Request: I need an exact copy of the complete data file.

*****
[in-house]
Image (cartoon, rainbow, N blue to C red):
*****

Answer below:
[in-house]
Image (cartoon, rainbow, N blue to C red):